According to Politico, the daily newspaper of lobbyists and political consultants, industry giant Apple spent a mere $500,000 in Washington in the first quarter of 2012, compared to more than $7 million Google and Microsoft spent on lobbying and related activities from January through March of this year.
Then Politico lowers the boom: “The company’s attitude toward D.C. — described by critics as ‘don’t bother us’ — has left it without many inside-the-Beltway friends.”
With a rising position in the market has come endless, reflexive scrutiny.“Don’t bother us”? I say, amen. But Washington says, no way. The attitude on the Potomac is: “Nice little company ya got there, shame if anything happened to it.”
The core problem, as far as Washington sees it? After years as a cute little niche player, Apple has suddenly started producing wildly popular products such as the iPod, the iPhone and the iPad.
With a rising position in the market has come endless, reflexive scrutiny.
The biggest example: The Federal Trade Commission has started rumbling about Apple’s threat to competition. Note the absurdity here. Apple creates whole new products and industries, consumer benefits that didn’t exist before — and the federal government wrings its hands about the possibility that it’s somehow going to “limit” competition in a market it created.
And congressional committees regularly pressure the company about how smartphone apps — which a very savvy consumer marketplace is perfectly capable of monitoring on its own — might threaten privacy or enable illegal activity.
Make no mistake: This will continue unless and until Apple gets with the program and starts spending a few million a year on Washington lobbying.
And even then, it will not stop.
Heard of “too big to fail”? Well, to Washington, Apple is now too big not to nail.
Sadly, I get to write this same column every time a new company makes enough money to draw the attention of the wielders of money and power in Washington. Remember Microsoft? For more than a decade, Microsoft went about its business, developing software, selling it to customers and — legally — making money.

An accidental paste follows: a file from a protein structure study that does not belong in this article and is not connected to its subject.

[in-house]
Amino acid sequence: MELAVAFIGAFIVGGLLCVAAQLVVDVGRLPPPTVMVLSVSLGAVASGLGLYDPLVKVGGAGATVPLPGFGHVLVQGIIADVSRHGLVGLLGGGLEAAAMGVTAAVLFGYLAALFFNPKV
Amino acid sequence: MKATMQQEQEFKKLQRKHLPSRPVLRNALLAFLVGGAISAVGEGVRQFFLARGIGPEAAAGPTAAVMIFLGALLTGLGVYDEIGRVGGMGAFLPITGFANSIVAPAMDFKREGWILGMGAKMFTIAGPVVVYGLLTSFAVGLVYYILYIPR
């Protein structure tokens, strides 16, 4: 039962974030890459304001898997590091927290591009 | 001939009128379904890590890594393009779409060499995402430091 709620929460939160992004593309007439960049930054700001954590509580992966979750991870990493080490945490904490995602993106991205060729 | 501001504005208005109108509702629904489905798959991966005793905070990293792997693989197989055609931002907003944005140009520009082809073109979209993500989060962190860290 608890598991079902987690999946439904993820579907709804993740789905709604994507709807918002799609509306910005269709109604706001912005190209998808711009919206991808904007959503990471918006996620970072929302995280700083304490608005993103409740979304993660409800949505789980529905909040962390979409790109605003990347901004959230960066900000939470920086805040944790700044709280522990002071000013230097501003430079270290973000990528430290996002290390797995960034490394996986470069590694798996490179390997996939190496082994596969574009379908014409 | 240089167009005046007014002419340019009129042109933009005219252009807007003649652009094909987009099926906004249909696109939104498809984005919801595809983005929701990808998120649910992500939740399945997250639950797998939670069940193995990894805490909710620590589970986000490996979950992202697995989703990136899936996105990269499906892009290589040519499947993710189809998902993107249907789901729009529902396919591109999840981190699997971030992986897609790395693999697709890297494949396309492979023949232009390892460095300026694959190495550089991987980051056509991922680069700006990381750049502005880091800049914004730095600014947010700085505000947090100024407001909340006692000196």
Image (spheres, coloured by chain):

Washington politicians and journalists sneered at the company’s naiveté. A congressional aide said, “They don’t want to play the D.C. game, that’s clear, and they’ve gotten away with it so far. The problem is, in the long run they won’t be able to.”
A major antitrust case and a few other inquiries later, Microsoft got the message. They now play the game.
A decade later, it was Google. After a humble start as a research project by two Stanford students, Google delivered a terrific product — and became the biggest success story of the early 21st century.
But in our modern politicized economy, which author Jonathan Rauch called the “parasite economy,” no good deed goes unpunished for long. Policymakers worried about the company’s size and influence — including in many markets it had ostensibly created — started threatening Google.
Sure enough, Google opened a Washington office, hired well-connected lobbyists and ramped up its spending.
And now Apple.
Make no mistake: A growing drumbeat of questions from Washington puts a damper on innovation. Reflecting on Microsoft’s decline after its decade-long antitrust case, tech expert Adam Thierer wrote in Forbes, “When antitrust hangs like the Sword of Damocles, every decision about how to evolve and innovate becomes a calculated gamble.”
A bigger and bigger priority becomes how to bend the tax and regulatory system so it causes as little pain as possible.
Why? Because government is a weed. The federal budget has grown steadily over the last 60 years or so to about $3.7 trillion. The number of pages in the Federal Register, where new regulations are printed, now grows by about 70,000 every year.
No wonder total spending on lobbyists has doubled in the past decade, to $3.3 billion in 2011.
Dragging Apple into the political swamps is just the latest tragic example.